Researchers from North Carolina State University have developed three-dimensional (3-D) printing technology and techniques to create free-standing structures made of liquid metal at room temperature.
“It’s difficult to create structures out of liquids, because liquids want to bead up. But we’ve found that a liquid metal alloy of gallium and indium reacts to the oxygen in the air at room temperature to form a ‘skin’ that allows the liquid metal structures to retain their shapes,” says Dr. Michael Dickey, an assistant professor of chemical and biomolecular engineering at NC State and co-author of a paper describing the work.
The researchers developed multiple techniques for creating these structures, which can be used to connect electronic components in three dimensions. White it is relatively straightforward to pattern the metal “in plane” – meaning all on the same level – these liquid metal structures can also form shapes that reach up or down.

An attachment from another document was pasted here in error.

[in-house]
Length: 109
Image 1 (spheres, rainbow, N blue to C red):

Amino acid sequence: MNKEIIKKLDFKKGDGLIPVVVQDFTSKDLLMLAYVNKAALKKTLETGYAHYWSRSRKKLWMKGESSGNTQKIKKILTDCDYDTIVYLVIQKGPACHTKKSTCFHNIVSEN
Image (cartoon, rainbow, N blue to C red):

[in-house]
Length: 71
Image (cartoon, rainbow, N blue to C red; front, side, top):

One technique involves stacking droplets of liquid metal on top of each other, much like a stack of oranges at the supermarket. The droplets adhere to one another, but retain their shape – they do not merge into a single, larger droplet.
Researchers show off liquid metal 3D printing
Posted on Wednesday, Jul 10 2013 @ 16:09 CEST by Thomas De Maesschalck
Researchers at North Carolina State University in Raleigh reveal a new method that enables the 3D printing of liquid metals at room temperature. The liquid metal looks a bit like the T-1000 from Terminator 2, it consists of an alloy of gallium and indium that stabilizes itself by forming a thin oxide skin when exposed to air. Potential applications for the technique include bendable electronics and self-healing stretchable wires. Full details can be read over here.